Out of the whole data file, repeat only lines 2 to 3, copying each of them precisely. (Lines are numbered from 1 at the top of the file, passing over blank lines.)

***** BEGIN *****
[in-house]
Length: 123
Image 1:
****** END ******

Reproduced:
Length: 123
Image 1: